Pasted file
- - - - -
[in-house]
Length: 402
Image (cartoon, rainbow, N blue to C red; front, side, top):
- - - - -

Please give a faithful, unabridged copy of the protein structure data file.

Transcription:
[in-house]
Length: 402
Image (cartoon, rainbow, N blue to C red; front, side, top):